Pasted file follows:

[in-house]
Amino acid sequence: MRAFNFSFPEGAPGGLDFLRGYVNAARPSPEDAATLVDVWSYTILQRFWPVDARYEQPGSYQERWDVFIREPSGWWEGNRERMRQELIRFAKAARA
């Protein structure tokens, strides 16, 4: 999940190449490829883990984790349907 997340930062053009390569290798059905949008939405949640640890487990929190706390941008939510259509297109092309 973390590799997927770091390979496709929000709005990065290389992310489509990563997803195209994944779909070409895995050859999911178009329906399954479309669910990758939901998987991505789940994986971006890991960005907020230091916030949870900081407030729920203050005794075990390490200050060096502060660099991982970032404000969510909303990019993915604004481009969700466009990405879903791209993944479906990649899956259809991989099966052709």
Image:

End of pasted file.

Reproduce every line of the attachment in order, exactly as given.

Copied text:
[in-house]
Amino acid sequence: MRAFNFSFPEGAPGGLDFLRGYVNAARPSPEDAATLVDVWSYTILQRFWPVDARYEQPGSYQERWDVFIREPSGWWEGNRERMRQELIRFAKAARA
């Protein structure tokens, strides 16, 4: 999940190449490829883990984790349907 997340930062053009390569290798059905949008939405949640640890487990929190706390941008939510259509297109092309 973390590799997927770091390979496709929000709005990065290389992310489509990563997803195209994944779909070409895995050859999911178009329906399954479309669910990758939901998987991505789940994986971006890991960005907020230091916030949870900081407030729920203050005794075990390490200050060096502060660099991982970032404000969510909303990019993915604004481009969700466009990405879903791209993944479906990649899956259809991989099966052709």
Image: